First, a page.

John Bourgoin, MIPS president and CEO, said. “Fourth quarter revenue was the highest quarterly revenue in the last five years, and higher than any quarter in our history excluding our early Nintendo video games royalties. We added a record number of new royalty-paying customers during the year as a direct result of strong licensing activity that began three years ago. Toshiba joined our list of 24KE™ family licensees and we anticipate they will use our cores to bolster their next-generation digital consumer products in digital television and set-top boxes."
Net loss for the second quarter was $2.1 million, compared to net losses of $579K and $974K in the previous year and the previous quarter, respectively.
Chet Silvestri, Chief Executive Officer of MoSys, commented, "We continue to make solid progress on the strategic initiatives announced earlier this year. We signed multiple CLASSIC Macro licensing deals during the quarter, initiated programs with semiconductor manufacturers at the advanced 65 nanometer process geometry, and further broadened our relationship with Nintendo and NEC.”
The audit committee had reached a conclusion that the actual measurement dates for certain historical stock option grants differ from the recorded grant dates for such awards. The audit committee has not completed its work nor reached final conclusions and is continuing its investigation into the circumstances that gave rise to the differences. The audit committee has determined, based on further analysis, that non-cash stock-based compensation expenses should have been recorded with respect to those stock option grants and recognized over the vesting period of the options, and that the amount of such additional expenses is material.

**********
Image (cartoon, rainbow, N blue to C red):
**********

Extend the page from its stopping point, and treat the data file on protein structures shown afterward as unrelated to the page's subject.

Further, the audit committee, in consultation with management and after discussion with its auditors on July 17, 2006, has concluded that its previously issued financial statements for the fiscal years 2003, 2004, 2005, which are included in the Company's Annual Report on Form 10-K for the year ended December 31, 2005, the Quarterly Reports on Form 10-Q filed with respect to each of these fiscal years and the financial statements included in the Company's Quarterly Report on Form 10-Q for the first quarter of fiscal year 2006, should no longer be relied upon and will be restated. In addition, the restatement will affect financial statements for prior fiscal years and the Company will reflect those adjustments as a part of the opening balances in the financial statements for the restatement period.
The company's filing of its 10Q for the quarter with the SEC will be delayed. This could lead to a delisting from the NASDAQ and possibly accelerate loan repayments.
A class action lawsuit has already been filed on behalf of Rambus investors by Roy Jacobs & Associates. The complaint alleges that Rambus and certain officers and directors violated the federal securities laws by making false and misleading statements and omissions concerning Rambus' improper and undisclosed practice of backdating options given to Rambus executives.
Due to the ongoing independent investigation of past stock option grants, Rambus cannot finalize financial results, other than revenues, for the second quarter.